E: This is such a powerful piece. What can you tell us about it, and about how you came to represent Scarlett in this way?
J: The period in the book when Scarlett was obsessed with the numbers in her journal really stuck with me. To me they seemed to represent her decline and her depression. Who hasn't been obsessed with something that may one day ruin them if they don't break away from it? [Some of Jennifer's fabulously insightful remark deleted here as it contains spoilers. Sorry. You'll just have to read the book.] Anyway, that's what made me thing to portray her this way... her wasting away into the numbers.
E: How long does it take to complete a piece of art like this? What is your process?
J: If I were working only on this it would probably take me a couple of days from sketch to finished piece. I'm juggling a couple of projects at the moment, so it took me about two weeks to complete.
E: Tell us about when and where you work.
J: I work from home in a crazy jungle of a studio and, unlike Kim Dwinell in your previous interview, my chaos is not at all organized! (I've included a rarely seen picture of my desk in its natural state.)
As far as when I work... I work whenever I can. I have three kids, Ethan (9), and Eli (7), and a nine-month old baby girl named Charlotte (Charlie), so finding a lot of solid time to work can be challenging. Luckily I get a lot of support from family and friends. My mother-in-law watches the baby two days a week while the boys are in school, and my husband takes over at home from about five o'clock until ten o'clock most nights so that I can work then, as well.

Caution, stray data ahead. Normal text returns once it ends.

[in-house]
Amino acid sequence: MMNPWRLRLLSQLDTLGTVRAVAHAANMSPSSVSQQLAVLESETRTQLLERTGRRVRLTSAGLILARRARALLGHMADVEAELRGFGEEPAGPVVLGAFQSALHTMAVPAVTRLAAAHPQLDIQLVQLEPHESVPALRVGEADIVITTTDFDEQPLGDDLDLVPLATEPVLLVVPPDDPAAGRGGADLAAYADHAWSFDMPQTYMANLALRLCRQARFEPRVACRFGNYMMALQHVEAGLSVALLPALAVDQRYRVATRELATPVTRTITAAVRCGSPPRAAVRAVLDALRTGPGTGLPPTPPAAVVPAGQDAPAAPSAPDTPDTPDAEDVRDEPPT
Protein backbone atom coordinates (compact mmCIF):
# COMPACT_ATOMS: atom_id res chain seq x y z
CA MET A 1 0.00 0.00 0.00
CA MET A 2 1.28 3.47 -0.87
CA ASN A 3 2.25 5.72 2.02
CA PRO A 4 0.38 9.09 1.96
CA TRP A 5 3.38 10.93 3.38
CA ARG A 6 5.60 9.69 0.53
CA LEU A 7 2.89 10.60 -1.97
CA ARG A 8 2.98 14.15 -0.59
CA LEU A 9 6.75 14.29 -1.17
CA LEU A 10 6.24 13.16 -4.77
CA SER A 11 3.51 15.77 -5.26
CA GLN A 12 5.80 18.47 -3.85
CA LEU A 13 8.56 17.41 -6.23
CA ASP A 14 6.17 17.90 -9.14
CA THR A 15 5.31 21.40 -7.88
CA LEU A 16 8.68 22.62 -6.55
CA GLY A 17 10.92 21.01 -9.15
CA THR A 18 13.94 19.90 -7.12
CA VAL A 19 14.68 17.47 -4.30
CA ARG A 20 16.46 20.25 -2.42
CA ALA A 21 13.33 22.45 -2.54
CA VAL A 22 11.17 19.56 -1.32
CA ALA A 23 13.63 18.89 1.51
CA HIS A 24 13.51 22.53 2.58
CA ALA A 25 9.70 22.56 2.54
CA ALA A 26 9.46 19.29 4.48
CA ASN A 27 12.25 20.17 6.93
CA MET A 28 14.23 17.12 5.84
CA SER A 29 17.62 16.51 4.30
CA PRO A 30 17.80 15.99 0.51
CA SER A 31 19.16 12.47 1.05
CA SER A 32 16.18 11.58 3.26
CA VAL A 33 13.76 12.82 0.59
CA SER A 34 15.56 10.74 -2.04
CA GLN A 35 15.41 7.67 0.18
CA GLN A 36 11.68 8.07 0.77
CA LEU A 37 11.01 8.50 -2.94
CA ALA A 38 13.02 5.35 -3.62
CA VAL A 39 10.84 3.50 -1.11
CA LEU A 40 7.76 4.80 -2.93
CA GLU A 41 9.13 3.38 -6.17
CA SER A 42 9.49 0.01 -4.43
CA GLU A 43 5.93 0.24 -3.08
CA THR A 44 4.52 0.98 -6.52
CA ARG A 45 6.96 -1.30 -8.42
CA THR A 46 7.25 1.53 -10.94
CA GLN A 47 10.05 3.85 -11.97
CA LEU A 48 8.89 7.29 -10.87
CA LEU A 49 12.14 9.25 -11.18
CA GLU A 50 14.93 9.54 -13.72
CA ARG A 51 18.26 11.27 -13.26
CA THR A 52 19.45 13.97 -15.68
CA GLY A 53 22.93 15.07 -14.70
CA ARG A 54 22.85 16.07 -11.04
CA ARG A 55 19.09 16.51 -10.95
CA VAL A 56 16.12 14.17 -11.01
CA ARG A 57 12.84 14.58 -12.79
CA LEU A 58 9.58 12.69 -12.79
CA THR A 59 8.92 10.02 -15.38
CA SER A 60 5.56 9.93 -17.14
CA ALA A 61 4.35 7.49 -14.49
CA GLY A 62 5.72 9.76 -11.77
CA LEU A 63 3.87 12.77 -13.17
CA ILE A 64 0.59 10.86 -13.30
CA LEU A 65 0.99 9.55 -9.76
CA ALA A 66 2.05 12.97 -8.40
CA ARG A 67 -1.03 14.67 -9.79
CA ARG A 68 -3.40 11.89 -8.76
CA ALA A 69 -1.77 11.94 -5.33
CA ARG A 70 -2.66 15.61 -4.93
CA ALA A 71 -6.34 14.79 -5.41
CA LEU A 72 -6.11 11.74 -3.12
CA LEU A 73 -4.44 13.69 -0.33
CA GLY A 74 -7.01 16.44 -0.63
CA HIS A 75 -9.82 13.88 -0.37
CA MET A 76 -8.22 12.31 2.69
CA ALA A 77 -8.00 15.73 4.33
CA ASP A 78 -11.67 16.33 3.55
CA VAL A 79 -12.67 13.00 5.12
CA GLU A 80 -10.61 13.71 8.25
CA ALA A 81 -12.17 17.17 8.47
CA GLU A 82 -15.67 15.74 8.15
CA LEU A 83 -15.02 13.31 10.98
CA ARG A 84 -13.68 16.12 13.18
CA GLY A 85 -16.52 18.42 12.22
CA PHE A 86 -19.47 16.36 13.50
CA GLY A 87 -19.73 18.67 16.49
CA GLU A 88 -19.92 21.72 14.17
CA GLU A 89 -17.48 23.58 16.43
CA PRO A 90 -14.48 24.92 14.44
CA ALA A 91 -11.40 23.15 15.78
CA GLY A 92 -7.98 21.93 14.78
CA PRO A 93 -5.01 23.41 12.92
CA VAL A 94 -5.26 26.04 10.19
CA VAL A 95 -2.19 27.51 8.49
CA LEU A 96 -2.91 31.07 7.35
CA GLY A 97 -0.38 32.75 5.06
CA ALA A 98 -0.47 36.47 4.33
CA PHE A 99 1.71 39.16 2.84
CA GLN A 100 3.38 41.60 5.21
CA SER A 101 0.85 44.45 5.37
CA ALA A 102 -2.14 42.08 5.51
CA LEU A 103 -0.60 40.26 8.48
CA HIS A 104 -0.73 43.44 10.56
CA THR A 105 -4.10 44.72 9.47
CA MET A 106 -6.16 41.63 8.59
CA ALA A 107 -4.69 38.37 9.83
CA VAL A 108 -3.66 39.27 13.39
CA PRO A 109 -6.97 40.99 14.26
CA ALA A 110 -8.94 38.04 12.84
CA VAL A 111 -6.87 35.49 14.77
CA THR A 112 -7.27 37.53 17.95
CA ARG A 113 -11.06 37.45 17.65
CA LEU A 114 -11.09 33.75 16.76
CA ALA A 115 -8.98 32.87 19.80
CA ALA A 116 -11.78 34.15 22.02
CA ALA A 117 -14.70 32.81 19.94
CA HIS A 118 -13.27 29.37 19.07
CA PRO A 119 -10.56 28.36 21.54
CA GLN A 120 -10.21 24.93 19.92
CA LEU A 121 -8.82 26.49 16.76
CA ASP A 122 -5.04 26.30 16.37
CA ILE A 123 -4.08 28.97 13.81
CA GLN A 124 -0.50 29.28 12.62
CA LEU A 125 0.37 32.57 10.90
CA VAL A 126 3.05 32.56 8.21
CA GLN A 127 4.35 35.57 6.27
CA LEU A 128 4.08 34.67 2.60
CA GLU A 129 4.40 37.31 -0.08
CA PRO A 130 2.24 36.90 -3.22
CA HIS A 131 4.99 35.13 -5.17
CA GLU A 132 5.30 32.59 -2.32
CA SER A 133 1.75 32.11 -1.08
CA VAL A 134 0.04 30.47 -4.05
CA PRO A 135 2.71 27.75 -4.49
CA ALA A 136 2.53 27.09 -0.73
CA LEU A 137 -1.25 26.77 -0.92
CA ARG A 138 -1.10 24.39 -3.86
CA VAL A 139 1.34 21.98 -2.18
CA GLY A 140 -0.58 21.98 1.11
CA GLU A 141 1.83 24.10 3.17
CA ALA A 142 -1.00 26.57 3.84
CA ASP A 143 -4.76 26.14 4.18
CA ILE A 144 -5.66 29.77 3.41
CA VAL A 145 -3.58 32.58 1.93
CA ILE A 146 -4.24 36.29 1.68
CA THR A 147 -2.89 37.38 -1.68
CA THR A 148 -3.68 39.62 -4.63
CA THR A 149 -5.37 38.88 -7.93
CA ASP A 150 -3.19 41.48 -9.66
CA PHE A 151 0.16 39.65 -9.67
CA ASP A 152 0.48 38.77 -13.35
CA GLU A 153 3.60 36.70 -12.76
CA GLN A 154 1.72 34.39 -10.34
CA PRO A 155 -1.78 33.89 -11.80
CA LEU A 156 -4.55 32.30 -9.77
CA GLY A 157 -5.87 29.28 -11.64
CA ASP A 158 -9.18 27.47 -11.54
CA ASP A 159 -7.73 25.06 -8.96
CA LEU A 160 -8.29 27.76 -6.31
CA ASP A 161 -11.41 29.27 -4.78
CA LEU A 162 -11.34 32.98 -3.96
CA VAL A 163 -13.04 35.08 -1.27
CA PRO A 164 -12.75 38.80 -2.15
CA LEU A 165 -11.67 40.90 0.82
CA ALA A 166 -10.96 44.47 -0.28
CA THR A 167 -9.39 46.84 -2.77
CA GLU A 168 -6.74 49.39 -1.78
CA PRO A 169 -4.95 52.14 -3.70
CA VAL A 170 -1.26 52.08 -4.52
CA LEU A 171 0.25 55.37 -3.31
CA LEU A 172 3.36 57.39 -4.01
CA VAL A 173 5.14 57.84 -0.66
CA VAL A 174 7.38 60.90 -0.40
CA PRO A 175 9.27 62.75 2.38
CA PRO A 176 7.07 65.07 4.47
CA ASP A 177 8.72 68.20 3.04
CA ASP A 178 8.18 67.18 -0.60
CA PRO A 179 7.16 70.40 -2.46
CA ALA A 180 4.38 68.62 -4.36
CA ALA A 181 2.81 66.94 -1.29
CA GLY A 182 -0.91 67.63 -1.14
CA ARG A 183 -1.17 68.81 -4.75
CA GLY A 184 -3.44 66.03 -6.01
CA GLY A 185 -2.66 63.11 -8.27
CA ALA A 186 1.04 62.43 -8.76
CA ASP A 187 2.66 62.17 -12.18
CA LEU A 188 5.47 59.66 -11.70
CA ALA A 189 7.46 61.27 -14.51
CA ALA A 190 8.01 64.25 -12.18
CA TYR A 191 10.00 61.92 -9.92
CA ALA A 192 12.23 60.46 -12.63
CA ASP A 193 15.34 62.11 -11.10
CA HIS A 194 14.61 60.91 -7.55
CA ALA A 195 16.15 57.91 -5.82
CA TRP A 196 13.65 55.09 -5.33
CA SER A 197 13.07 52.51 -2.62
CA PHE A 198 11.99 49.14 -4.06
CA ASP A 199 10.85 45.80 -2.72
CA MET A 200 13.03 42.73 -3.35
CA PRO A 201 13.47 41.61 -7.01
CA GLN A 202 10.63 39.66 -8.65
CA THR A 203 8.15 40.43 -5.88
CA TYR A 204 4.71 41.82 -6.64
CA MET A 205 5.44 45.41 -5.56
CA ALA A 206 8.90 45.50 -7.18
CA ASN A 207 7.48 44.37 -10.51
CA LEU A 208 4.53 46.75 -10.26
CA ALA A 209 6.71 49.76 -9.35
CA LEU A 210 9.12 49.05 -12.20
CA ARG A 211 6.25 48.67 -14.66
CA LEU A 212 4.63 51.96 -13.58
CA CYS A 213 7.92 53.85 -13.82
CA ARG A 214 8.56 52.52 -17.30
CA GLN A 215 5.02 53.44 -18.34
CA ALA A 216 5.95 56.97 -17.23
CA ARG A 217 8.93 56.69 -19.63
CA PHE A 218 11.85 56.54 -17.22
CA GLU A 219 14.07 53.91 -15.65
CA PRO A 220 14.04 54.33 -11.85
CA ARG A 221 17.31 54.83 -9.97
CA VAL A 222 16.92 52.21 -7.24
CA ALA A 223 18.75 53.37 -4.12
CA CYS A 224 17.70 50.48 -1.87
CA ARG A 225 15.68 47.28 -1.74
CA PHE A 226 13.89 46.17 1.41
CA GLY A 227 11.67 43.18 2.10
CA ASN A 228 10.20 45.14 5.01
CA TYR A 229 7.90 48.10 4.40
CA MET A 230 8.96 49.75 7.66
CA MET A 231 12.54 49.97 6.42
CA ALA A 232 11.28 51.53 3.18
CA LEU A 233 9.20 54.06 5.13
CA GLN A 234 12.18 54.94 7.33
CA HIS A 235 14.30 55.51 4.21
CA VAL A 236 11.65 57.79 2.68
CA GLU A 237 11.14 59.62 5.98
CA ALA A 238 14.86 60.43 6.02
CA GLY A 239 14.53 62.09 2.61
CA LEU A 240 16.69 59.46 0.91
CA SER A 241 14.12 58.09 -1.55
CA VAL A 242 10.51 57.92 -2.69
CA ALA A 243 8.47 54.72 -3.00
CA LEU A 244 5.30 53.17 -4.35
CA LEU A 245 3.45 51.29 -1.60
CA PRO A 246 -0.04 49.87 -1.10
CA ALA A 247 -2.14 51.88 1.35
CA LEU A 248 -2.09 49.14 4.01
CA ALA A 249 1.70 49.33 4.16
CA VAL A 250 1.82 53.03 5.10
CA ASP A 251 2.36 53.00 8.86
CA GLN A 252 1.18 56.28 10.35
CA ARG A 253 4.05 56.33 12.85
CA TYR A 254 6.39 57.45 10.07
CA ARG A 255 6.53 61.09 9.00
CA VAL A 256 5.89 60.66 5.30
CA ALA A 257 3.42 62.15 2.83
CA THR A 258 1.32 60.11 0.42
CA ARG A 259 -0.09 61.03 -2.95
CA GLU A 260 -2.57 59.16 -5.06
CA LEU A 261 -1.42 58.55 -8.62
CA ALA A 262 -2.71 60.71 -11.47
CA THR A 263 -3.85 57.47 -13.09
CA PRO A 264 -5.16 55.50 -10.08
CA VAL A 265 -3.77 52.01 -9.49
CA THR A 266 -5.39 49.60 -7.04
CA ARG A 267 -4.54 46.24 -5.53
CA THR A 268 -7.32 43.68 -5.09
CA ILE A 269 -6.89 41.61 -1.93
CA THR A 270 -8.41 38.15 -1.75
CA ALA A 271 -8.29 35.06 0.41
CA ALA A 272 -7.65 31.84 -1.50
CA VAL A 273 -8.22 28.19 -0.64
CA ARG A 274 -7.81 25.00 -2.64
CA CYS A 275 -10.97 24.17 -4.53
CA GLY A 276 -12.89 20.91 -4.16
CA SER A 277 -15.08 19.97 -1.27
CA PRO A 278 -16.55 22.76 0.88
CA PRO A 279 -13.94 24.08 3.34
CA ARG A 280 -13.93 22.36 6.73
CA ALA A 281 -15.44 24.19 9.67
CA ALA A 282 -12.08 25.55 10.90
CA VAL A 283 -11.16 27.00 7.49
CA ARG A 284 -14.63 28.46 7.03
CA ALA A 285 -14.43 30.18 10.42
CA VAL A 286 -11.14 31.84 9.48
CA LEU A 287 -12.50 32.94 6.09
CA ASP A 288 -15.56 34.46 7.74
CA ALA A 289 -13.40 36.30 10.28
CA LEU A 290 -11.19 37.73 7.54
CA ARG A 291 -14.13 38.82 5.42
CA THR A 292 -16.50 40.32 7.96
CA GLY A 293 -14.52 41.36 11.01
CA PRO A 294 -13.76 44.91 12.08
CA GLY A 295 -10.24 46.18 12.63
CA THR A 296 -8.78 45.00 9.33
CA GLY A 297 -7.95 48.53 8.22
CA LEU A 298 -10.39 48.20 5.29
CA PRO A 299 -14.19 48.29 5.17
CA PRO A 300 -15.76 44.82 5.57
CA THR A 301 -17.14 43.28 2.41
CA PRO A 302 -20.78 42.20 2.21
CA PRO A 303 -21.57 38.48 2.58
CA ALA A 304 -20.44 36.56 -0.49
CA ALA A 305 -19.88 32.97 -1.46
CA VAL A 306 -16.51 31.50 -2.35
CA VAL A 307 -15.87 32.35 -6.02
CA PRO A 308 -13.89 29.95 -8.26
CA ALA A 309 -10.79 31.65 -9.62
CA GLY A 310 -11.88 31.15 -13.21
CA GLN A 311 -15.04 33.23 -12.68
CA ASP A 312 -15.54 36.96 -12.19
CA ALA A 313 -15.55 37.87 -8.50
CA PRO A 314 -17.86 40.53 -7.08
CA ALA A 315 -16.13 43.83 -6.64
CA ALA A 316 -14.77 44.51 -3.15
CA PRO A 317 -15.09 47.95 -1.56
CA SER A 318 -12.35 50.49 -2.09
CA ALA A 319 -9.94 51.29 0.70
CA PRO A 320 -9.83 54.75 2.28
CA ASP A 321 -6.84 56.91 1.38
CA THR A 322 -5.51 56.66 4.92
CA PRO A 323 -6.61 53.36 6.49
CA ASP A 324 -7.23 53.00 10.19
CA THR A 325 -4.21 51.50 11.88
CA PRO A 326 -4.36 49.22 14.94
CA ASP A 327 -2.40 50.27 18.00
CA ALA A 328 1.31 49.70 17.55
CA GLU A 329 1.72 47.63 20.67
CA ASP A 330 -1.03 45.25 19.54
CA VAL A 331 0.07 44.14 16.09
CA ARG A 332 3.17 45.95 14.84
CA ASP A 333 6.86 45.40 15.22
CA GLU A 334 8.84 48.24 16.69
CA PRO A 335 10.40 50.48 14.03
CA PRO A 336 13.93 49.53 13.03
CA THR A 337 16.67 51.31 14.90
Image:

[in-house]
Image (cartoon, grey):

E: I can identify with that! SACRED was written largely in stolen moments. I wonder, do you have a preferred medium?
J: My preferred medium by far is ink and watercolor. I've created artwork in just about every medium from digital to ceramics to glass, but ink and watercolor always feels like home.
E: What other projects are you involved in?
J: I'm working on two projects at the moment that I'm super excited about. The first is an e-book I'm working on with movie director and co-creator of Blues Clues, Todd Kessler. The book is entitled The Good Dog, and it's about an adorably entertaining dog named Tako who, through a series of events, realizes that sometimes you have to break the rules in order to do the right thing. It's a fifty-two spread book, so it's a pretty major undertaking, but I absolutely love the story! We're hoping for a release date around May 2013. I'm also working on my own book dummy that I plan to send out for submissions in the next couple days. It's a picture book about a ninja bunny who, after following some bad advice, learns how to become his own ninja.
E: Those projects sound so exciting! What advice would you give to people who'd like to break into the art world?
J: My advice to anyone trying to break into this industry (myself included) is to stick with it and always keep your goal in mind. There's this great speech by Neil Gaiman that I try and watch every time I lose focus or start to stray from the path that will get me to where I need to be. I also find it tremendously helpful to have a great critique group that will always be honest with me, even when it stings a little.
E: Do you have a web presence?
J: I sure do! My website is jennifergrayolson.com.
E: One last question about SACRED... was there a character in the book with whom you felt a particular affinity?
J: I actually felt a real connection with Will's father. What a great character! He always seemed to know all the answers, but gave everyone the space to figure things out in their own way and in their own time.
And, once more, Jennifer Gray Olson's "Numbers." Thank you so much, Jennifer!